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COLM TOBIN: Watch out, cos Wild Atlantic Wally is coming to a head near you this summer

May 1st, 2022 5:05 PM

By Southern Star Team

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WHERE exactly is the line when you know you have crossed the threshold from youth to middle age? How do you know it, what are the telltale signs and how do you ward against it? Is it when you start licking your thumb to turn the page of a newspaper? Is it when you give up on your dreams to play for Cork, even if you’re already fifteen years beyond your sell-by-date? Is it when you start investigating more radicalised forms of yoga?

Every second newspaper article these days seems to point to the fact that fifty is the new forty. Or sixty is the new fifty. Or eighty is actually now the new thirty because you’ll need to live to be eighty in order to cobble together a deposit for that one-bedroom apartment in the outskirts of Bandon. So it’s harder all the time to figure out exactly when middle age begins.

I remember when each passing year became a thing of horror, specifically around the late twenties, and 27 seemed oceans away from 25. You’d be frantically googling what other people had achieved at that point in their lives and feverishly comparing it to your own inadequate career trajectory. Brian Wilson was 23 when he wrote and produced Pet Sounds and there I was wandering the roads of West Cork in a knackered Ford Fiesta trying to figure out what to do next.

But as the years go by, the numbers become less important. I am now at the ripe old age when I genuinely have to Google my date of birth every year to figure out what age I am. This might seem pathetic to you. But to me, the freedom from the tyranny of the number is a beautiful thing.

I have, though, begun to notice middle age creeping in via the back door, and it pops up in ways you’d never quite expect. These are signs to watch out for.

Firstly, it was the gardening and the cultivation of vegetables. Now, this might seem like a healthy, innocuous thing that a person of any age could enjoy. But there’s something about being out in nature with your hands in the dirt, noticing the minute changes in light from season to season, losing yourself in the weeds, that makes more sense as you get older and wiser.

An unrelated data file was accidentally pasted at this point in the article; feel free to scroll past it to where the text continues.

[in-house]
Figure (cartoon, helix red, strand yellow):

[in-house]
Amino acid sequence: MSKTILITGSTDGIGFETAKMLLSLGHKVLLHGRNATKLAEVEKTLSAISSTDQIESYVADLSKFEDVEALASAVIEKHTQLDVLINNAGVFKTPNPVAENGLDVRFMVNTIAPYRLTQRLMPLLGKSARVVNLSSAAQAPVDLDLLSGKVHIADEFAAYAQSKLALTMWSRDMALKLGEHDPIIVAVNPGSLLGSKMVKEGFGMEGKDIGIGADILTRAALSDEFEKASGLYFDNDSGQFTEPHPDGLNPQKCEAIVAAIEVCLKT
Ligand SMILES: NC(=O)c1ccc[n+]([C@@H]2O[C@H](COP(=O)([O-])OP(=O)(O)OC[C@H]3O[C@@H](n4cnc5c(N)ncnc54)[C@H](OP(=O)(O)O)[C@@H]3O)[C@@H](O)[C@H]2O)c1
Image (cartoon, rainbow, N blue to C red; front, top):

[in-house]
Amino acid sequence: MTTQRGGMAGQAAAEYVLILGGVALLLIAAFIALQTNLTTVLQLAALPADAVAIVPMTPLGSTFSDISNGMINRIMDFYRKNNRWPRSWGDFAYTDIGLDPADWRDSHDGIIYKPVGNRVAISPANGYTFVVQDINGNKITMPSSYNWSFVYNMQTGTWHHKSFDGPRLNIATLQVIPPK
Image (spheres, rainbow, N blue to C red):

It starts with a parsley plant here, and a well-tended flower bed there. But before you know it, you are scaling walls to prune clematis and creating your own plant feed from comfrey leaves while the rest of your peers roam half-cut around the grounds of the Electric Picnic.

And even more concerning is how happy you are about it.

Another worrying development to watch out for is when you begin to nurture an interest in local history. In my case, this symptom has emerged in the form of a renewed interest in the history of the place where I grew up. This has now developed to such an extent that I have been dragging my poor wife and children around the furthest reaches of West Cork whenever the schools close, to satisfy my new addiction to learning more about the fascinating history of this little corner of Ireland. Wild Atlantic Wally is how I’ve come to refer to myself, with little objection from the family.

And so it was, this Easter holidays, that we decamped to wonderful Sheep’s Head Peninsula where I could indulge my urge to wax lyrical about the O’Mahonys of Dunmanus Castle or the calamitous French invasion of Bantry Bay in 1796. The kids were happy to listen to me in exchange for ice cream and lots of beach time and my wife patiently patted me on the head as I enthusiastically recounted tales of pirate ships alighting in Baltimore. She understands I need to work through whatever it is I’m experiencing, and I suppose it’s better than leather pants.

I’m not writing off going back to Electric Picnic one day to relive my youth, or maybe even quitting the day job and buying a Ford Fiesta to make a break for Ahakista for old time’s sake.

Knowing me, and Patridge

SPEAKING of middle-aged oddballs, I had the pleasure of going to see Steve Coogan playing Alan Partridge in the 3 Arena last weekend, where I proceeded to laugh like a drain for two hours. What a show.

Fans of the TV series were not disappointed and there was even a special guest appearance by Coogan’s amazing Irish rebel character Martin Brennan, who tore the house down.

On my way home, I happened to read online that Macron had defeated Le Pen in the French Presidential election, a much-needed boost for the middle ground of politics across Europe, and a sigh of relief for those of us worried about the extremist threats of Le Pen, Putin and, heaven forbid, Trump Mark II.

A good night for centrist Dads then.

But you’d wonder, how long the centre can really hold for in a world as fractured as ours? I’m not worrying about it today though, I don’t have the time for all that.

If you want him, Wild Atlantic Wally will be in the garden planting Japanese kale and planning his next trip out West

 

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